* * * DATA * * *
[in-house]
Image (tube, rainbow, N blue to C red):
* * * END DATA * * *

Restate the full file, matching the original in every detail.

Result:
[in-house]
Image (tube, rainbow, N blue to C red):